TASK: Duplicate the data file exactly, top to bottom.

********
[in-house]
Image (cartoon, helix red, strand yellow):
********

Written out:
[in-house]
Image (cartoon, helix red, strand yellow):